Investors would wonder if instead of doubling earnings from $1 to $2 to $4 to $8, the company might only experience an 80% growth each year. That would mean earnings would grow from $1 to $1.80 to $3.24 to $5.83. As a result the stock might immediately drop 27% from $80 per share down to $58 per share.
Many investors find it baffling that a company could grow their earnings by 80% and the stock would drop 27% as a result. But everything is based on the expectation that the company would grow by 100% each year for the next three years. That expectation was already factored into the share price.
On average, value beats growth. The analysis that Eugene Fama presented during our conference last fall analyzed returns of the U.S. markets from 1927 through 2010. Rather than the price-to-book ratio, he used the book-to-price ratio. Because price is the market price, this is commonly called the book-to-market (BtM) ratio. When the BtM is high, a stock is a value stock. And when it is low, a stock is a growth stock.
Fama analyzed each decile from the lowest 10% of the BtM growth stocks through the highest 10% of the value stocks. The results were remarkable.
The average return of the lowest BtM decile was 10.99%, and the highest decile was 17.32%. There was a continuum such that except for a few, each more valuable decile showed a higher average return. The average return for the top 30% value was 16.30%, a full 4.80% higher than the bottom 30% growth’s 11.50%. The neutral 40% in the middle averaged 12.91%.
Most major indexes are split between the value half and the growth half. The S&P 500 has an S&P 500 value and an S&P 500 growth. Similarly, the Russell 1000 Large Cap and the Russell 2000 Small Cap have subindexes for the value and growth side of each.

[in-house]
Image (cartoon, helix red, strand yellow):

In my own analysis I measured the returns of the Russell 1000 Value against the Russell 1000 Growth from 1979 through the end of February 2012. During that period, large-cap value returned 13.27% versus growth’s 12.47%, a premium of 0.80%.
The difference in small cap was much greater. The Russell 2000 Small Cap Value returned 15.07% versus Small Cap Growth’s 12.44% for a premium of 2.63%.
In future articles we will explore how the value premium is higher for small cap than it is for large cap. The landscape of investment returns gets more complex with just the two dimensions of size and value. We begin to see that expected returns do not fit our simple linear formula. Rather they follow a curve.
Adding size and value as factors in our capital asset pricing model shows us certain truths about the markets. Many people follow the Dow and invest like the S&P 500, but tilting small and value provides a better return on average. And while large-cap growth technology companies got all the headlines and captured everyone’s attention during the last half of the 1990s, there is quiet money to be made by growing rich slowly with value stocks.
E(Ri) = Rf + ßi(E(Rm) – Rf) + siSMBp + viHMLp
E(Ri) is the expected return on an investment
Rf is the risk-free rate of interest (about 3.67%)
For example, what you could get in short-term Treasuries
E(Rm) is the expected return of the market (about 11.71%)
E(Rm) – Rf) is sometimes called the market premium (about 8.04%)
ßi = Cov(Ri, Rm) / Var(Rm)
The sensitivity of the expected excess asset returns to the expected excess market returns.
Si is the size measurement of the investment
SMBp is the Small Minus Big premium (about 3.92%)
Vi is the value measurement of the investment
HBLp is the High Minus Low premium (about 5.04%)